Instauratio Urbis III draws out an imaginary of Rome that is focused on the peripheral modernist housing estates of the Fascist era known as the borgate. Promoted as improvements to sanitary conditions in the city, the borgate were simultaneously an instrument in Mussolini’s legitimising myth of Romanità and a politicisation of Rome’s ancient heritage, becoming complicit devices in the demolition of strata of architecture that had grown in and around the classical ruins, and the displacement of “parasitic” social classes that inhabited it.
Today, most Romans continue to live in the now expanded borgate, effectively testifying to long-lasting effects of urban segregation, which has since been amplified by the unavoidable loss of collective memory. Over the years the borgate became symbols of fascist doctrine but also of the partisan resistance, culture, political strength and community, becoming powerful controversial elements that stand at the core of Rome’s ethos.
This project aims to reconciliate Rome’s architectures, now saturated by controversial identities as they were during medieval revolutions, in Giovanni Battista Piranesi’s Campo Marzio or, more recently, in Paolo Pasolini’s films and poetry. Instauratio Urbis III becomes a medium through which the originally displaced communities of the borgate are invited to return to their native land, now manipulated and re-imagined, by means of a new imaginary, topographical layer.
Instauratio Urbis III perpetrates an imaginary instalment of the city of Rome as a reconceptualisation of the often unseen cultural and social identities of Roman fascist peripheral housing estates - the borgate - voicing critique towards architecture as means of segregation. The proposal establishes a dialogue of superimpositions between the city’s controversial identities and ruins as parallel but not equal monuments - the Roman ruins as the embodiments of the city’s temporal layers and the borgate as the city’s modern, interrogating, ruins.
The proposal stands as a continuation to Giovanni Battista Piranesi’s instalment of the city of Rome and Mussolini’s extremist urban reconstructions. However, whilst it draws inspiration from Piranesi’s imaginary city, it opposes Mussolini’s urban reconstruction by developing an architectural proposal that envisions the reconciliation of place.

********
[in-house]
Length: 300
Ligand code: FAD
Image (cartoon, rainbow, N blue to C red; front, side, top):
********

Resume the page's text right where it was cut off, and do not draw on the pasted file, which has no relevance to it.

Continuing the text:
The proposition invites the displaced communities of the borgate to return to the seven Roman hills along with re-designed architectural fragments of the borgate. The imaginary city unravels between the ruins and over a manipulated version of the historical landscape by form of a new superimposed topographical layer that reconceptualizes the identity of the borgate. Their cultural, architectural and social identity is extrapolated by means of their idiomatic building typology and reimagined through seven architectural propositions, each corresponding to a different borgata and new city function.
The superimposition of architectural proposals, historical landscape and complexion of ruins ultimately aims to reconstruct the fragile and stratified discontinuity between the city’s eras.
The project output features a city masterplan that houses seven core functions, two auxiliary functions and water infrastructure for the Tiber River, as part of the imaginary instalment of the city of Rome. This is presented through a city axonometric that shows the break down of the superimposition of identities for each core building as well as a city Nolli plan that identifies the private and public relationship in the city. Three core buildings have been developed in detail (the three Domus), through orthogonal projections (plans, sections and elevations), exploded axonometrics, rendered visualisations and film. The images submitted provide a wide sample of both the city and detailed buildings output.